Certificate in Immigrant Literacies
The Certificate in Immigrant Literacies is designed to provide academic training in the study of language, literacies, and the immigrant experience. The program integrates community service learning to enable certificate students to integrate their professional expertise and cross-disciplinary thinking with meaningful civic action.
Admissions Requirements and Application Process
All applicants must submit the following to the English Department:
- a short personal statement which outlines the applicants’ interests in immigrant language and literacy issues;
- transcript, (official transcripts from all previous colleges attended; unofficial transcript from current program);
- current vita or résumé;
- names and contact information for TWO references. (provide name, job title or relationship, address, phone number); and
- evidence of completion of the University’s Level I written English proficiency requirement1;
- for non-matriculated students only: documentation of a passing score on the Analytical Writing section of the GRE or GMAT; or a 3–4 page academic writing sample (e.g. research paper, grant proposal, publication).
For matriculated graduate students in TESOL: Evidence of completion of the written English proficiency requirement is determined based on a satisfactory evaluation of the student’s Statement of Purpose, submitted to the department as part of the student’s original application to the MA TESOL program.
Applicants who are matriculated graduate students may enter the certificate program at any point after acceptance into a SF State graduate degree program. Graduate students who wish to apply must consult with their advisor immediately to find out how best to sequence their coursework to satisfy both home Department requirements and certificate requirements.
Applicants who are not currently matriculated in any SF State graduate degree program (e.g., in-service ESOL teachers, health professionals) must apply (via graduate admissions) and be admitted to the University and to the graduate certificate program. Acceptance into the program is with the approval of the certificate program director and consent of program faculty following review of the application materials (listed above).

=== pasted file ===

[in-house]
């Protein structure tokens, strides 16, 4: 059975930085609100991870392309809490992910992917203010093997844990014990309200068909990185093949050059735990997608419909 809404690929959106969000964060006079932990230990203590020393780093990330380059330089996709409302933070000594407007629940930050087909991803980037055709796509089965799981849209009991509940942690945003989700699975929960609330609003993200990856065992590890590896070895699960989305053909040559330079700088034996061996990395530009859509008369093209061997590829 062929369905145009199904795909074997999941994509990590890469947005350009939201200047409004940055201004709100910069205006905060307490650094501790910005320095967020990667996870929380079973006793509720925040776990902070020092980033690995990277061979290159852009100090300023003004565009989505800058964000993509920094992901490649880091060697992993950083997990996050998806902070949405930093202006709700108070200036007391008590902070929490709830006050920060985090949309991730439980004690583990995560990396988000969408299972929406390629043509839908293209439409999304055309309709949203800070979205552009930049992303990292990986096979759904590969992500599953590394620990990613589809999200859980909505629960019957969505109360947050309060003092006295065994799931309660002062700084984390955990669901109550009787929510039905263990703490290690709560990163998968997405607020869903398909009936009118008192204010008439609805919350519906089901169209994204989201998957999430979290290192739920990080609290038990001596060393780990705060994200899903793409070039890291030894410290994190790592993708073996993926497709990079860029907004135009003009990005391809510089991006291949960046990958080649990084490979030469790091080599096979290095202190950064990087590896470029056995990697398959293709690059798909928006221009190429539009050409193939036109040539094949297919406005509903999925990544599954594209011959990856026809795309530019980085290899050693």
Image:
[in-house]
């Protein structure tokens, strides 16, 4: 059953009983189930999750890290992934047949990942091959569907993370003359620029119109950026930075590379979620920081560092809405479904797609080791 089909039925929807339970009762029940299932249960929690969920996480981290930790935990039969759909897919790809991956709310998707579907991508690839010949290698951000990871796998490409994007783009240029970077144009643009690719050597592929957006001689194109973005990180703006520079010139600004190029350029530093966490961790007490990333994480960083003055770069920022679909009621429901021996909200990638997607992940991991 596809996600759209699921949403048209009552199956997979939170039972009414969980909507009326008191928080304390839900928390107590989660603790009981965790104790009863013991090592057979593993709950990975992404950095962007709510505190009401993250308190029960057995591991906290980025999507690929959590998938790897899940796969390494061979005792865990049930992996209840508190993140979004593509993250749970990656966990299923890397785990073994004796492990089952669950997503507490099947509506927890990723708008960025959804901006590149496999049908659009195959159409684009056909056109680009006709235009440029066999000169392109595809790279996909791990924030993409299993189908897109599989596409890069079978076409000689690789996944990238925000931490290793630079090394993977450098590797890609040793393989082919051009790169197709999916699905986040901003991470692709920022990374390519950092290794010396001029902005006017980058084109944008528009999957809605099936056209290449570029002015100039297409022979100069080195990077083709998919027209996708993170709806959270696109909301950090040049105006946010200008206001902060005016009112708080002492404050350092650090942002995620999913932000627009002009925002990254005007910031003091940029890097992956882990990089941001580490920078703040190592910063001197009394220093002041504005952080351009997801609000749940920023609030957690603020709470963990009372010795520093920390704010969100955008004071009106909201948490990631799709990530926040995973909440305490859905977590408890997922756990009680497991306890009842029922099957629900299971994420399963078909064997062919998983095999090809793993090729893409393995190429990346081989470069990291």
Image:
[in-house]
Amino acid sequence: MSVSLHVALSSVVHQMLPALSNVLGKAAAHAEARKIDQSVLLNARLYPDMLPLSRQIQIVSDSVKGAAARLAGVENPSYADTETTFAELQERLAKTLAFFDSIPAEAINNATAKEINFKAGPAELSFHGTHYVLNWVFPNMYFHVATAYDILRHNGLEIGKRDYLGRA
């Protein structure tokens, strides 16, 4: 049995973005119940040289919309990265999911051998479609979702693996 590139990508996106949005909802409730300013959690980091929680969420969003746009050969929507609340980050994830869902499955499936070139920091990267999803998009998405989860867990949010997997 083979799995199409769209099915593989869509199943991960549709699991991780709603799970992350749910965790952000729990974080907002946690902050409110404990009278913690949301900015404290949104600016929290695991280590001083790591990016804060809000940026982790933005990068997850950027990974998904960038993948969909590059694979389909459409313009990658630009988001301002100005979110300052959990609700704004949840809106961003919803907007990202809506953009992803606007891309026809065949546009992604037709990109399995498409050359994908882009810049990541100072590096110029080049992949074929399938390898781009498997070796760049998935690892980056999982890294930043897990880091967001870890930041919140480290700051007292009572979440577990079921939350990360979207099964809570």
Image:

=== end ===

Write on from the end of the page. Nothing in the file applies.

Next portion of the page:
Students interested in admission to the certificate programs need not have completed undergraduate degree programs in English literature or language studies, nor do they need to be enrolled in master's programs offered in the Department of English. Graduate students from master's programs offered in this department should contact their advisors to find out how many of the certificate courses may be used towards meeting degree requirements in their M.A. program. Unclassified graduate students and candidates for degrees in other departments may be accepted into the program with the approval of the certificate faculty.
Out-of-state and international students are welcome to apply to the program. For applicants whose native language is not English: a recent internet-based TOEFL (IBT) score of 95, with an essay rating of 24. Applicants who do not meet the minimum TOEFL requirement will NOT be admitted; there is NO conditional admission. A TOEFL score of 95 is considered to be very minimal; applicants who demonstrate stronger English proficiency with a higher TOEFL score (and higher essay rating) will have a better chance of being admitted.
Immigrant Literacies Certificate — 12 units
|ENG 735||Community Based Curriculum Development||3|
|or ENG 736||Seminar in Teaching ESL in the Community|
|ENG 832||Seminar in Immigrant Literacies and Community-Based Projects||3|
|Select one course from the following:||3|
|Seminar: Asian American Family and Identity|
|Asian American Community Health Issues|
|Theories and Issues in Ethnic Studies|
|Public Health and Principles of Community Organizing|
|Public Health Policy|
OR other graduate-level SF State course related to the topic of immigrant literacies and civic engagement (with approval of advisor).
|Independent Study, e.g., ENG 899 for MA TESOL students; H ED 899 for Master of Public Health students; ETHS 750: Ethnic Community Practicum for Ethnic Studies students; or equivalent graduate-level community service-learning course (with approval of advisor)|